After reading this answer that a restricted airport caused a strange cutout in Class B, I am wondering if it possible that there are multiple airfields in the same airspace?

If yes, then:

  • Which ATC has most authority
  • How congestion is handled?

Please note that I am not talking about an airport which is under an outer circular shelf of a Class B or C airport.


1 Answer 1


When there are several airports close to each other, a single ATC, formally known as Terminal Control Center may service all airports. The airspace boundaries and altitudes assigned to a Terminal Control Center, which vary widely from airport to airport, are based on factors such as traffic flows, neighboring airports and terrain.

London Terminal Control Centre is an example of a large and complex Terminal Control Center. Its service area is up to 20,000 feet and out to 100 nautical miles. It controls:

  • six London airports
  • one Royal Air Force station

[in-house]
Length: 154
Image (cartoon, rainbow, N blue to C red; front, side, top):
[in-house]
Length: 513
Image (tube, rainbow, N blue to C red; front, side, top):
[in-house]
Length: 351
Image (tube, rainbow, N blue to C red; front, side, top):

• provides en-route services to other aircraft that entered its airspace

Another example can be found with Berlin-Tegel and Berlin-Schönefeld, which have adjacent control zones that share a common boundary west to east and have an overlaying class C TMA airspace up to FL100. Both airports share the same TMA controller/approach sector:
BREMEN RADAR Approach: 119.62

CTR Area Berlin
Image Source: www.skyvector.com

FAA is implementing a new airspace system which will increase efficiencies at metropolitan areas with complex air traffic flows. This system, known as Next Generation Air Transportation System is introducing the concept of a metroplex:

In FAA parlance, metroplex refers to a system of airports in close proximity and their shared airspace that serve one or more major cities. A metroplex has at least one, but often two or more major commercial airports.


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